Columbia officials assess conditions as first step toward new development plan

Published 1:11 pm Tuesday, May 22, 2018

Columbia Mayor James Cahoon on May 7 reported on the recent in-depth look he and others took at present town conditions and potential actions aimed at improvements.

Cahoon, Mayor pro-tem Sandra Owens, Alderman Hal Fleming and Town Manager Rhett White held a lengthy workshop on April 19 that focused on Vision 20/20, the town’s development plan for the current decade, as well as a dozen other subjects relating to the town’s prosperity.

A significant need is for overnight accommodations, and recruiting a motel/hotel in the town will require a prospectus, aid from the NC Department of Commerce, and likely tax incentives from the town and Tyrrell County.

At present 32 properties are in some stage of tax foreclosure proceedings, and 13 business properties are either vacant or housing irregularly operated activities.

At least 55 rental properties exist in the town, along with three mobile home parks, two publicly subsidized housing complexes, and six apartment houses.

The officials agreed there appears to be no pride in ownership, and a fix-up, clean-up, spruce-up initiative is needed to keep up property and improve appearances.

The consensus was that a “defeated” mindset and frustration are widespread among affected property owners in the many months that have past since Hurricanes Irene and Matthew seriously damaged sections of the community.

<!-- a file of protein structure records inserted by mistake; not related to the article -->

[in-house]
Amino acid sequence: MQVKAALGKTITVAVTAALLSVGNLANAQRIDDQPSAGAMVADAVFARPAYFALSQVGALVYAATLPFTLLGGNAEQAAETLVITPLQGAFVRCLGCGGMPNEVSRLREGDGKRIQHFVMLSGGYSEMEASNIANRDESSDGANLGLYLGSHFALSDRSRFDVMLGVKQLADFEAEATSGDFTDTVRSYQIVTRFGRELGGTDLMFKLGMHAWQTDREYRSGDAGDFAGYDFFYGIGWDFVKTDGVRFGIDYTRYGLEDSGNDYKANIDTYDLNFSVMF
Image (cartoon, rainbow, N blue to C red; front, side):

Work is actually occurring at North Boundary Canal and North Road Street on a flood-mitigation project has been planned and discussed for years. New poles have been set in place and power lines moved to them. Telephone and tv/internet cable lines, along with underground water and sewer mains, still must be relocated before the larger canal drainage culvert can be placed and roadway improvements made.

A tide gate is due to be installed in Bush Harrell Canal, and the group agreed attention must also be given to drainage in the areas of Scottsville and Cypress streets.

Parks, the Children’s Playground, and streets need attention and upgrading.

Christmas decorations are 25 years old and need to be replaced, with decorations on the Scuppernong River bridge a priority.

Developing a plan for the next decade should begin now, the mayor urged.

The town budget, which must be approved by June 30, may see inclusion of some of the needed projects.